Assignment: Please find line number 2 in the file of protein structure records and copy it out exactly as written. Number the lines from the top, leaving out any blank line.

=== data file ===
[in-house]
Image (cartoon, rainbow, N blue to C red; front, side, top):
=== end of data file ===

Image (cartoon, rainbow, N blue to C red; front, side, top):